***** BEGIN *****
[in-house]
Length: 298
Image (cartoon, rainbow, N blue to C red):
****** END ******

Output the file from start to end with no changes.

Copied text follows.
[in-house]
Length: 298
Image (cartoon, rainbow, N blue to C red):